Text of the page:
Any other Netflix subscribers here? Do you all think it’s really not a zero sum game of subscribers? If they company’s growth plateaus then is it right to command PE of 100?

Please do your own due diligence. Any reliance on my posts is at your own risk.
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#7
(19-07-2019, 08:01 AM)karlmarx Wrote: Netflix appears to have a similar strategy with mm2. Or is it the other way?

Both are focused on producing content, and distributing it to the market through their own channels.

But where Netflix does it 'high-tech' (in the form of streaming), mm2 does it 'old school' (in the form of cinemas). Their markets and ability to scale are also quite different, as I have described in the mm2 thread.

The ultimate objective for Netflix is probably to develop a strong intellectual product, like the characters of Marvel or Disney. To this end, I'm not if it is succeeding. It creates its own distribution channel only to prevent being stifled by competitors and established down-stream players.

I guess mm2 has similar objective, given its continuous investment into production. But it looks like their strategy of producing films with lesser known directors and actors/actresses is not getting them anywhere close to developing a regional hit.

In other news, critically acclaimed film actress -- Yeo Yann Yann -- will be cast in a 6-episode HBO series filmed in Singapore, to be released later this year.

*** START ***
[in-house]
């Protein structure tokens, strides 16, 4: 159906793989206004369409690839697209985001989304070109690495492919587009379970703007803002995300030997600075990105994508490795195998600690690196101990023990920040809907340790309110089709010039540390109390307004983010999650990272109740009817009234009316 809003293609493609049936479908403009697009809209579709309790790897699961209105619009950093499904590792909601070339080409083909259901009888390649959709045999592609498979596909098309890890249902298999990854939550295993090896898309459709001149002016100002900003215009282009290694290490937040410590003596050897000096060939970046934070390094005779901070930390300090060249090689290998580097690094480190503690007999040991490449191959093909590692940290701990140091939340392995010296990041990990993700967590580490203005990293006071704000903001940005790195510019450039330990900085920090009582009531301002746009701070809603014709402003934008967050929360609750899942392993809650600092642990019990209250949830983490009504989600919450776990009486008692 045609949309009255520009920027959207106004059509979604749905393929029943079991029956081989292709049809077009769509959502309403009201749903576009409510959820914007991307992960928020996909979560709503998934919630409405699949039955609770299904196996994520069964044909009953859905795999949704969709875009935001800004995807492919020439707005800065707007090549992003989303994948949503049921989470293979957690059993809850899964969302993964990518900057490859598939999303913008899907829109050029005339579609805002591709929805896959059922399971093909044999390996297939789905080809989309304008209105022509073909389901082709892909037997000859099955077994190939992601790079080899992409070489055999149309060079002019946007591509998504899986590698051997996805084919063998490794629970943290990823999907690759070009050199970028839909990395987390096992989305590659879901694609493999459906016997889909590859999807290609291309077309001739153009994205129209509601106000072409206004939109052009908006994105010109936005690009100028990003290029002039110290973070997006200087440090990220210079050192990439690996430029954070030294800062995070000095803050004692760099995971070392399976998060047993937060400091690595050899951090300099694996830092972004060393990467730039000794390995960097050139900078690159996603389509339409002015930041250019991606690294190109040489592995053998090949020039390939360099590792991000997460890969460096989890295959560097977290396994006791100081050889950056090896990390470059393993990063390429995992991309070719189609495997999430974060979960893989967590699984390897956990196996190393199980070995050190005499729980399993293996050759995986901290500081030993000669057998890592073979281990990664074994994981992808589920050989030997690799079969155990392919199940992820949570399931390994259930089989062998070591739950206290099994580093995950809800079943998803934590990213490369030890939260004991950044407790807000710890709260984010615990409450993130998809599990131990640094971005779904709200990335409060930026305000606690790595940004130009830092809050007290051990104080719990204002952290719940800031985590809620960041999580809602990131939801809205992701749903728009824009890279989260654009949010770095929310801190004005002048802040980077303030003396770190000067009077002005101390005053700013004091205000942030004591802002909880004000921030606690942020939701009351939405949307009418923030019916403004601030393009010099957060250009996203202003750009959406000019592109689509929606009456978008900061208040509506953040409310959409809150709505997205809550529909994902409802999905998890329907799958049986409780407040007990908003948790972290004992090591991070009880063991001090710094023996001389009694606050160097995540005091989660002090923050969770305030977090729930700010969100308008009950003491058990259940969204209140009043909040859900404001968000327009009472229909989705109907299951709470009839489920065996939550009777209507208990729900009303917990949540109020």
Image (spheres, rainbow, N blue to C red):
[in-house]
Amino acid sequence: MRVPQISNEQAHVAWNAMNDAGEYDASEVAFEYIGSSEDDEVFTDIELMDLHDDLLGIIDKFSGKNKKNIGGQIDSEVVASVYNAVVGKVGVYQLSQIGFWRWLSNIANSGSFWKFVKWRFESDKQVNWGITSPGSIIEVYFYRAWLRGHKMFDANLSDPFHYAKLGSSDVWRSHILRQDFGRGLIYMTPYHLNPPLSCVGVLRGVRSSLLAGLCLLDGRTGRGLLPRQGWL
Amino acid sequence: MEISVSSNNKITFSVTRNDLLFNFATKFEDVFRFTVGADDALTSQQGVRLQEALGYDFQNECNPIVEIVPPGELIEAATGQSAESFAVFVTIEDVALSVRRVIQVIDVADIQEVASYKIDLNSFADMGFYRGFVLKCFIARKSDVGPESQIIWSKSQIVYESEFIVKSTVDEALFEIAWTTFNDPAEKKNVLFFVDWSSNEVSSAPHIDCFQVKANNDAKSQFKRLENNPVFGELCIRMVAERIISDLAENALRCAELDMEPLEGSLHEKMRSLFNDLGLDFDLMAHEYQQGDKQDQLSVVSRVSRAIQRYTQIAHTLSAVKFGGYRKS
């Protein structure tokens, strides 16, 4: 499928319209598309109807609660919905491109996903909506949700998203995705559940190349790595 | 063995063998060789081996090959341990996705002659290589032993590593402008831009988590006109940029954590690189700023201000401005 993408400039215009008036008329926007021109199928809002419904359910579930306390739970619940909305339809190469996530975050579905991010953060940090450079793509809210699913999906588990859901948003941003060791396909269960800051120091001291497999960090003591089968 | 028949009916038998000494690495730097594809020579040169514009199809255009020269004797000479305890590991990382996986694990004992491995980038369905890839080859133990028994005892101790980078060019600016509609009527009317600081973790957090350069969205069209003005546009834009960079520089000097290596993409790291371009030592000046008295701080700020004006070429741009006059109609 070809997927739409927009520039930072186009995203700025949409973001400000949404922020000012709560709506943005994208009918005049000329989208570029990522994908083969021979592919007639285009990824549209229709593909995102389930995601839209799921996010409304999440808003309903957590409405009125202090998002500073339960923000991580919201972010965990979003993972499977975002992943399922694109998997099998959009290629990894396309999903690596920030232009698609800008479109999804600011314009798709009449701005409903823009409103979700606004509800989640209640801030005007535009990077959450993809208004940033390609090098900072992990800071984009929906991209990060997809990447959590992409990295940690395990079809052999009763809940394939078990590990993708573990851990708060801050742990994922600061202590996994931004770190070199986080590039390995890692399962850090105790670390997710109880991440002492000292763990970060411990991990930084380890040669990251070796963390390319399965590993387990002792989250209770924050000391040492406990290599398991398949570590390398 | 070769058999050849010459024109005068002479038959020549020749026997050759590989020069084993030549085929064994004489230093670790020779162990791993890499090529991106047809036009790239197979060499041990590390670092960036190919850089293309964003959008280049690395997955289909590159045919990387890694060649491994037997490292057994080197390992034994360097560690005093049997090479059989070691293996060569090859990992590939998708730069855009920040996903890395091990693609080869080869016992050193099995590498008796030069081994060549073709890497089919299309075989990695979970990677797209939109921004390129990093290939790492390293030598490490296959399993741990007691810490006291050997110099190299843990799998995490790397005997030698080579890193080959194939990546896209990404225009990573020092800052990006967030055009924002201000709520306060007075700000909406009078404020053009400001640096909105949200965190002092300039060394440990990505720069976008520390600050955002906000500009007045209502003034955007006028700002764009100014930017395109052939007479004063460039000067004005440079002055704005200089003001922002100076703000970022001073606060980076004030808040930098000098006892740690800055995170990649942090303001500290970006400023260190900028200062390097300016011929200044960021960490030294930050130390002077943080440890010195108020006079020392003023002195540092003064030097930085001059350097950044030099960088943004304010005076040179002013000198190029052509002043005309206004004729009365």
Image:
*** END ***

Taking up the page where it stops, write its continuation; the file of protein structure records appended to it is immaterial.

https://www.straitstimes.com/lifestyle/e...-yann-yann

You mentioned that “It creates its own distribution channel only to prevent being stifled by competitors and established down-stream players.”

I have the impression it’s the other way round. The business started as a DVD rental/distribution business and streaming was an extension of that. On realizing that in the end the content is what matters, they started developing original content intensely. The company started financing these by borrowing etc.

I do agree that I am not sure whether their original content is working out. I do subscribe to Netflix and watch mostly non Netflix shows. Their original movies fails to interest me at all.

Any other Netflix subscribers here? Do you all think it’s really not a zero sum game of subscribers? If they company’s growth plateaus then is it right to command PE of 100?

Please do your own due diligence. Any reliance on my posts is at your own risk.
Reply
#8
I am not a Netflix fan but my impression/memory is similar to that of Squirrel's. So it is probably the other way around - they started as distributors before realizing that content is key, and moved towards content creation. At the same time, the content creators (like Disney or Warner Media who owns HBO) took the lessons of how Amazon (a distributor) destroyed many brands by owning the customer relationship, and move towards distribution themselves.

Video Streaming: 2007
First original content: 2013
https://variety.com/2018/digital/news/ne...202910483/

While we don't know whether the creator-turned-distributor or distributor-turned-creator is going to prevail. But we do know that payTV stands in their way and we probably know how it is going to end for payTV - going the slow "death by a thousand cuts" on their margins like postal and print news ads.
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#8